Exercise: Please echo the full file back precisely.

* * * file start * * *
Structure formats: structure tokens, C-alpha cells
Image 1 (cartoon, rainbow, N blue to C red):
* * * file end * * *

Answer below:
Structure formats: structure tokens, C-alpha cells
Image 1 (cartoon, rainbow, N blue to C red):